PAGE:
Law Professor Letter to Senate Finance Committee
Dear Members of the United States Senate Committee on Finance:
We write as legal academics with expertise in Constitutional, international, and intellectual property law to encourage you to exercise your Constitutional responsibility to ensure that the Anti-Counterfeiting Trade Agreement (ACTA) is submitted to the Senate for approval as an Article II treaty, or to the Congress as an ex post Congressional-Executive Agreement. It is our studied opinion that the administration has failed to identify ex ante authorization of ACTA by Congress, and that these are thus the only Constitutional bases for U.S. entry into ACTA. It is clear that other ACTA negotiating parties – including the EU, Australia, Mexico, and others—are treating ACTA as a binding international agreement requiring legislative ratification under constitutional standards similar to our own. We encourage you to demand the same element of public process in our own country.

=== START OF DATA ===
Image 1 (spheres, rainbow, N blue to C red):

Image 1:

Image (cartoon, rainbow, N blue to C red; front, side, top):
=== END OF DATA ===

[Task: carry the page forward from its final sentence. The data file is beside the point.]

De som skriver under det öppna brevet har stora problem med hur processen för ACTA har skötts i USA och hävdar att det är kongressen som måste besluta om detta och att det inte är ett vanligt handelsavtal. Den exekutiva delen av staten (presidenten) har enligt dem inte mandat att förhandla fram och skriva under ett så omfattande avtal.
Remedying this state of affairs is uniquely within Congress’s province. Congress, and specifically the Senate, as the Constitutionally recognized chamber with responsibilities for the approval of treaties, should secure from the Administration a public pledge to send ACTA to the Senate as a treaty, or to the Congress as an ex post Congressional-Executive Agreement. Absent a pledge to this effect, we encourage the Committee to hold hearings and to pass legislation that would prevent the United States from binding itself to ACTA without express Congressional consent.
Brevet är underskrivet av 53 personer kopplade till allt från Yale till University of Oregon och alla däremellan.